Heather Brown and Steve Brice pose infront of a large ice block, World Ice Art Championships, 2007.

Ice block that will be carved into
“A Litte Help,” by Steve Brice and Heather Brown for Ice Alaska’s World Ice Art Championships, Fairbanks, Alaska 2007 single-block/realistic division.

Photo credit: Rhonda Konicki for
Ice Alaska

Steve Brice, Heather Brown and their team begin an ice sculpture of a tiger, early in the process. Ice Alaska World Ice Art Championship Event, 2004.

“A Rabbit’s View,” as a work in progress. 3rd place, multi-block/ realistic catagory, World Ice Art Championships 2004, Fairbanks, Alaska.

Photo credit: Julie Cogill for
Ice Alaska

World Ice Art Championships
Ice Alaska

Technical Notes by Heather Brown

A Rabbit’s View (Tiger)—2004, 3rd place, multi-block, realistic, World Ice Art Championships, Fairbanks, Alaska. Steve Brice, Heather Brown, Tajana Raukar (MI), and Martin King (UK); Martin took Steve’s Ice Carving class two years prior and won a spot on the team this year. He and his family operate an ice business in Britain. A piece this size takes lots of teamwork. Usually on our teams there are one or two strong carvers that can really move through the ice for rough shaping (Steve and Tajana on this piece) the fine tuning, details, clean up and expediting and sculpting smaller features are left to the rest. The rabbit was placed directly in front of the tiger, 12 feet away or so.

Animal Parade—2005, 1st place, multi-block, realistic, World Ice Art Championships, Fairbanks, Alaska. Heather Brown, Steve Brice, Tajana Raukar, Mario Amegee (France). The sculpture was Steve’s idea and my design. We asked their other team members for input as well, as to what animals they would like to carve. We think it is important for everyone on the team to enjoy the aspects that they work on. It is a “team event.”

We each had our own critters to focus on: Steve: the rhino, walrus, baboon; Tajana: the giraffes, monkey, and zebra; Heather: the pig, kangaroo, beaver; Mario: the turtle, bird, and roughing of the kangaroo. We all pitched in at the finale to trick out the quills of the porcupine, finish the beaver and additional details to make the piece cohesive. If it looks like many different styles and artists were involved, a piece is rarely successful. A team effort is always important at critical times in the competition. The piece is only as good as the combined efforts. The porcupine quills were done by making many thin slices with a chain saw in a small block of ice, then slicing again the opposite direction until we had many splinters about 1/2" x 1/2" x 9"- to 14". Then a propane torch was used to round them and obtain points. Steve then meticulously drilled holes in the body of the critter and glued each fat ended quill into the hole using a small syringe filled with water. The same technique was used on the Rabbit’s View tiger whiskers.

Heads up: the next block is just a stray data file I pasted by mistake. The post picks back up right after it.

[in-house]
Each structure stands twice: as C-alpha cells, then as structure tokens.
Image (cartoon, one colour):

Allure—2006, 3rd place, single-block, realistic, World Ice Art Championships, Fairbanks, Alaska. Heather Brown and Joan Brice. I’ve included the original drawing, and some of the templates for the design. A starting point for all my pieces. The snow filled eye was the final touch; the rest I just had a feeling it would “pop”! I like to make pieces that the viewer can identify with in some way…in this one, you’re the morsel!

The sculpture kept it’s lure almost a week. Ice is surprisingly strong. As long as the weld has complete surface contact it and there is not too much weight, welds will hold a long time. My original design had a much larger arch to the lure. Reducing it made it lots easier to glue. As it was, it did get knocked off two hours before finish time but we were able to re-attach it in time. Always a little excitement involved! Heather included drawings and photos of the angler fish, “Allure,” that she and Joan sculpted last March at the World Ice Art Championships.

Time for Tea—2006, 3rd place multi-block, realistic, World Ice Art Championships, Fairbanks, Alaska. This was a modified design from Steve’s 2006, Turin, Italy, Olympic piece “Tea for Two,” (he placed 5th with that piece), Steve, Heather, Aaron Costic, and Joan Brice, Steve did the Centaur’s torso and head, and Aaron focused mainly the horse body, with Heather and Joan doing finishing work, hand sanding, texturing, fine tuning, and carving the small critters. During the stacking and rough carving we all pitch in running tools to each other, fetching the fork lift operators, and lots of other prep type work. Competition Ice Sculpting at this size is more than an art form it is an athletic event.

Aaron Costic says, “I think it is really more of an artistic event than an athletic event,” and laughs, “Carvers are trying to say it’s an athletic event so that it can become an athletic event at the Olympics, with all the backing…” The tools he used in the process of creating the horse, “from the waste down,” included chain saw to start, chisels, grinders and sanders. How was that soft matt texture created on the body of the centaur? “In wasn’t just one tool, it was the entire carving process that creates a texture like that. Several tools are in use. At the end it is sanded by hand and small Japanese texture tool is also used.” He adds, “There is good chemistry with this team. These people are not only talented but fun to work with,” he told us.…more

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